The messages on this website gave me hope when I went through a hellish week of thinking a miscarried. They also gave me hope. I want to post my story to give hope to women who have been misdiagnosed.
At 6.3 weeks I went to my doctor for my first prenatal checkup. She examined me, did a transvaginal ultrasound and looked for a heartbeat. The baby's heartbeat was a little over a 100. She told me and husband that the this was a low fetal heart rate and chances of this pregnancy progressing may not be very good and that I should "be ready" for a miscarriage. The internal exam made me very uncomfortable and I started to cramp just after the vaginal ultrasound. About 24 hours later I started bleeding and I emailed her asking if it might be a miscarriage. She immediately told me that it was a miscarriage and that I should take ibuprofen / advil every 6 hours for the pain and wait for all the tissue to pass. Luckily, I did NOT take any medications because I an allergic to advil.
The bleeding and cramping however stopped after a day and half. I had occasional spotting on and off. I assumed that a miscarriage was inevitable and I cried for 3 days thinking about the baby I never would have. The next week I emailed my doctor and she told me to come in to make sure that the miscarriage is complete and put me on drugs to induce the miscarriage or perform a D&C. I was in a lot of emotional pain and I wanted to get over with it ASAP. I could not wait for my appointment with her which was on a Friday. I booked an emergency appointment with a different doctor on Monday (a week after my first prenatal) and lo behold!! She confirmed that the baby was fine and healthy, measuring 7.4 weeks with a heartbeat of 160!! I couldn't believe it. That day, after the second transvaginal ultrasound I again had cramping and bleeding.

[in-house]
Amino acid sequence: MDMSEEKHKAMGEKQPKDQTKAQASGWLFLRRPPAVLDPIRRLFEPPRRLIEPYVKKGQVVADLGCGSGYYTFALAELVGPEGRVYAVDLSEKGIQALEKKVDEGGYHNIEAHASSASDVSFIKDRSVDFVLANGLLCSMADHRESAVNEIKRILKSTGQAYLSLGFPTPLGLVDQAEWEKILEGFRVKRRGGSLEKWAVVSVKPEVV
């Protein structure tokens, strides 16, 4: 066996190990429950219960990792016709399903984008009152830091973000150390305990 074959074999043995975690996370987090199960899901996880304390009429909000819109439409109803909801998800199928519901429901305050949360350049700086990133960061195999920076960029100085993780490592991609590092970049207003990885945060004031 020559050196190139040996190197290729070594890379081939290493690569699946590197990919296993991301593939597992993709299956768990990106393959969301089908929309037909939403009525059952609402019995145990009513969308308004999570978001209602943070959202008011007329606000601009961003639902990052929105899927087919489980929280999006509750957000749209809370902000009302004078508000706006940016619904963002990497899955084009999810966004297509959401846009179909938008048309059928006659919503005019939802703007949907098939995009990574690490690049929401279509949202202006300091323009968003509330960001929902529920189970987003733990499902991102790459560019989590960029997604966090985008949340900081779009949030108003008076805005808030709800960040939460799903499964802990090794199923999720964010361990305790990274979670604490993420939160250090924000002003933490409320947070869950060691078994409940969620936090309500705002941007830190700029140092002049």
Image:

After doing some reading I found out that internal ultrasounds can causing bleeding and cramping in women. And my doctor conveniently forgot to mention that to me!! She automatically assumed that my bleeding was due to a miscarriage. Also turns out that 6.3 weeks is too early to measure heart rate and tell whether it is "normal" or not. Thankfully, I did not take advil /ibuprofen as my doctor suggested. She never should have suggested them in the first place (she has been my doctor for over two years, my medical history is with her and she should know that I am allergic to them). Not only that, these painkillers have the potential to cause birth defects when taken in first trimester (http://www.webmd.com/baby/news/20060828 ... th-defects).
Thinking back, I know my doctor never meant any willful harm, but she was careless and did go wrong on many accounts (prescribing drugs that can cause birth defects without confirming whether I had a miscarriage or not, not knowing what medicines I am allergic to, not educating me about bleeding / spotting after transvaginal ultrasounds). My suggestion is that doctors be more careful about what they tell their patients. To them we may be "just another patient" but we tend to trust them and and this is our first time. We haven't done this a 100 times before to know what's expected and what's not. We rely on them in especially vulnerable times like pregnancy and childbirth and the least they can do is educate us properly.